Meanwhile some of the old players have been finding the going fairly tough, too: after a promising start, Majestic’s turnaround under new CEO Rowan Gormley has run aground, with a major profit warning last month; Berry Bros & Rudd is also in the midst of a turnaround under Tesco’s former alcoholic drinks director Dan Jago; and Bibendum has been acquired by Conviviality, with former Carlsberg boss James Lousada in the hotseat.
Yet the landscape has changed for the supermarkets too. Five years on from that apparent tipping point in 2011, supermarkets have come under significant pressures of their own, resulting in range rationalisation and keener pricing. And crucially for many off-licences, fine wine doesn’t fit the strategy.
“Over the years supermarkets started with a limited range, then tried to get into finer ranges and broaden their offering,” says Hugh Sturgess, MD at Jeroboams, which operates seven shops in London. “Now they’re pulling back. That’s a sign of the competition among themselves and the fact everything is price-led. They can’t target the slightly wealthier wine aficionado.”
By the same token, he concedes the prices charged at a typical independent off-licence would struggle to attract customers for whom “just price is the issue”. But “we can’t compete, don’t really want to compete, so we don’t even try. If people want to buy wine from supermarkets they will do so anyway, because they’re price-conscious or it’s part of the weekly shop.”
Jez Greenspan worked at a Sainsbury’s supermarket for seven years running the beers, wines and spirits department before joining wine merchant The Vineking as a branch manager. He has now opened his first shop, The Wine Twit, in Clapham, and says “what’s happened to supermarket ranges over the last 10 years has been a massive help for the independent sector. They have cut out 80% of the range they were doing 10 years ago.”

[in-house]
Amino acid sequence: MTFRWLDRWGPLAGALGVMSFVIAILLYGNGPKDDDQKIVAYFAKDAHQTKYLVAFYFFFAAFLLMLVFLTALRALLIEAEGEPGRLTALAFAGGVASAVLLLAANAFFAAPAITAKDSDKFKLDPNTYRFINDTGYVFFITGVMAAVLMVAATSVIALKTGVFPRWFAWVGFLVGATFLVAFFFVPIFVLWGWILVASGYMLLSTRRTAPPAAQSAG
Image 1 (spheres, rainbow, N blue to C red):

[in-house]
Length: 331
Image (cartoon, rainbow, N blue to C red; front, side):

Have you ever been offered fake alcohol?
● Yes 6%
● No 94%
Is the issue on the rise?
● Yes 20%
● No 80%
How big a problem is fake alcohol?
● Negligible 48%
● Mild 21%
● Troubling 12%
● Serious 19%
How should the government tackle the issue?
● Increased fines 45%
● Increased prison sentences 21%
● Increased vigilance 17%
● It can’t be tackled 17%
Will Brexit make it better?
● Yes 33%
● No 67%
Instead of having a “large selection of wines on two facings they have gone for eight facings, with big brands like Jacob’s Creek and Hardys. It’s cost-cutting - because they don’t have to hold a load of stock, they don’t have to have people continually filling it up on a daily basis, because they can fill it up on a night shift and let it trade the whole next day. And I wouldn’t sell Jacob’s Creek or Hardys because they are in the supermarket and I can’t compete on price. So I leave the things the supermarkets do very well to them.”
As supermarkets rationalise their ranges, “independents should capitalise on this huge opportunity to fill the gap they are creating,” says head of beer, wine and spirits insights at IRI, Toby Magill. “Independents can step in and offer the customer a different and more personalised shopping experience.”
Bottle Apostle in London provides “curated wine lists and experts to help guide shoppers in their purchases,” says Magill. “And Vagabond, again in London, provides a wine bar/off-licence experience. It’s a different way of doing things experience.”
Other stunning off-licences have opened up in the capital, such as Hedonism wines in Mayfair (its largest bottle is a 27-litre Primat). It says “each of our guests can expect to receive the very highest level of customer service from our dedicated wine specialists, many are former sommeliers from Michelin-starred restaurants. They are always looking to go the extra mile.”
Sturgess agrees having a “relationship” with customers is one thing the supermarkets “can’t and don’t do. Our target audience is people who enjoy wine and live a mile away from the shop. If you focus on a relatively small area, it’s not too difficult to engage with them through open nights and tastings and getting out to the local restaurants to see what their needs are.”